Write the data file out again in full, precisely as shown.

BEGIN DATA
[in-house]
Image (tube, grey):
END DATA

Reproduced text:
[in-house]
Image (tube, grey):